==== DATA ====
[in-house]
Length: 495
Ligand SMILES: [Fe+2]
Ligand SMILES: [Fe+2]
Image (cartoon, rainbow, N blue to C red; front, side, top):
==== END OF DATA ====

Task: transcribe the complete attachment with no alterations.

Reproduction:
[in-house]
Length: 495
Ligand SMILES: [Fe+2]
Ligand SMILES: [Fe+2]
Image (cartoon, rainbow, N blue to C red; front, side, top):